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Assorted problems with some machine-generated Lout

From: Ian Jackson
Subject: Assorted problems with some machine-generated Lout
Date: Fri, 9 Aug 96 18:00 BST

I've been working on some manuals for Debian (the Linux distribution).
The manuals are in an SGML DTD mainly of my own devising and are
converted to Lout for PostScript output.  Because of this I'm not
really able to use Lout's built-in chapters, sections, subsections,
&c.  This isn't a bad problem, because my Lout-generating SGML backend
can generate the toc and headings itself.  However, it does seem to
have had some bad side-effects.

1. I have to use address@hidden { Yes }' to get reasonable-looking
output (for example, to avoid page breaks just after headings) - which
is fine by me.  However, this breaks the table of contents into two
pieces for no reason that I can easily see.  @OptimizePages claims to
use TeX's breaking algorithm, but that algorithm is based on having
costs associated with page breaks in particular places.  How does
@OptimizePages assign these costs, and is there any way to change
them ?

2. I want to get my own section headings into the running headers and
footers.  I can't figure out how to do this without using the standard
@Section symbols and so forth - which I don't want to do because
(amongst other things) I need subsubsubsections and generally want
more control over the formatting, numbering and so forth.  I tried
using a symbol @Runner which I found in various of the standard Lout
include files but didn't have much luck.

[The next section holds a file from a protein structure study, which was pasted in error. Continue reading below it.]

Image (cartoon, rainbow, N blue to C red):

3. For no readily apparent reason occasionally the last line of a
paragraph will get right-justified.  Eg,
 The Priority and Section control file fields give
 information for classifying the package in dselect and say
 which directory to place it in the FTP archive.
is rendered as
 The Priority and Section control [deleted to get <80 - iwj] in dselect
 and   say  which   directory   to   place  it   in  the  FTP  archive.
It actually looks a lot worse in the PostScript.  There have been even
worse examples, with the three words on the last line of a paragraph
spread across the page, but the problem is intermitted and sensitively
dependent on the input file.  This may have something to do with the
fact that many words and phrases in the document are marked up with
 {{0.7 1.0} @Scale {Courier Bold} @Font {whatever}}
to get look that I like for `typewriter style' output.

I've put all of the Lout-related files I'm using up for anonymous FTP
on chiark.chu.cam.ac.uk in /users/ijackson/lout.  The
automatically-generated Lout input file is problems.lout, and the
other files are the result of running
 lout problems.lout >problems.ps
three times one after the other in a fresh directory.  The example of
a badly formatted paragraph that I mention above is on page 6 of the
PostScript file.

I'm using the version of Lout 3.08 that I built for Debian myself.


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